On July 3, 2012, Netflix Inc. CEO Reed Hastings posted a seemingly simple message to his personal Facebook page that read in part: “Netflix monthly viewing exceeded 1 billion hours for the first time ever in June.”
Neither Hastings nor his company had publicly shared these streaming numbers before. Perhaps for that reason, the Securities and Exchange Commission (SEC) didn’t find Hastings’ posting so innocuous, especially considering that Netflix’s stock quickly jumped from $70.45 at the time of the post to $81.72 by the end of the following trading day.
But in a response filed with the SEC, Hastings maintained that his Facebook page was hardly private, given that it had more than 200,000 subscribers, including reporters. He also disputed that the streaming statistic was “material” to investors, arguing that the increase in Netflix’s stock on the day of the post was instead attributable to a Citigroup research report.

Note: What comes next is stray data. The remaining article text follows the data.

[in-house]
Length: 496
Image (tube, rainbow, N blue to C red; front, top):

Although the SEC did not pursue an enforcement action against Hastings or Netflix, it did not give its unqualified endorsement to the use of executives’ personal social media accounts for information distribution, saying that, without advance notice, such use “is unlikely to qualify as a method ‘reasonably designed to provide broad, non-exclusionary distribution of the information to the public. This is true even if the individual in question has a large number of subscribers, friends, or other social media contacts.”